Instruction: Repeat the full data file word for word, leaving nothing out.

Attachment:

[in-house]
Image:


[in-house]
Image: